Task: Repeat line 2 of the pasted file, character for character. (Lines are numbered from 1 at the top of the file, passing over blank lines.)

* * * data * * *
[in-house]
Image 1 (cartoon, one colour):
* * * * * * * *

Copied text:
Image 1 (cartoon, one colour):